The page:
The latest, greatest mobile standards appear to be beastly affairs. Added to the old ones, and the number of algorithms that a poor cellphone – even a smart one – has to manage becomes pretty daunting.
And features like MIMO – various permutations and combinations of multiple antennae on the sending and receiving sides – make for an array of possible algorithms that CEVA says can only be managed through a software approach. That is, you load the software you need for the algorithm required at the moment rather than hard-code every possible variant, which would simply take too much silicon.
CEVA attacks this market with their XC architecture, and they recently beefed it up by announcing a multicore version. “OK, big deal,” you might say. “I had one core, now I can have more than one. I could do that before by instantiating more than one.”
Yes and no. Going truly multicore means one more huge addition to the architecture, most of which operates in the background: cache coherency. So even if that was all they had done, that’s a lot of work in its own right.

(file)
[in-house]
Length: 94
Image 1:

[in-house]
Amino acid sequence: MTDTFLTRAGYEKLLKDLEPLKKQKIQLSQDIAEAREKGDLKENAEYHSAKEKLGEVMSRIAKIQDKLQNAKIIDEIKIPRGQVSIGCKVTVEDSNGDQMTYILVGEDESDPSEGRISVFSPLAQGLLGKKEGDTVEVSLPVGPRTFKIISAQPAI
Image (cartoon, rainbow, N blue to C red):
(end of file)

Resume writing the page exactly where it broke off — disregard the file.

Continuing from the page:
But they appear to have gone beyond that, adding packet management and scheduling hardware, along with design tools that understands higher-level concepts like queues and buffers. And frankly, at least conceptually, this starts to look a lot like a Cavium OCTEON chip, only with DSPs instead of RISC CPUs.
But, of course, this is IP, not hard silicon (although they have emulation boards). So you can configure things any way you want – including homogeneous and heterogeneous architectures, the latter blending DSPs and CPUs if desired.
They’ve also added floating point support; they point to the MIMO algorithms as a particularly compelling reason to move beyond fixed-point.
So it’s a larger leap than just adding another core or two. You can see more of the speeds and feeds in their release.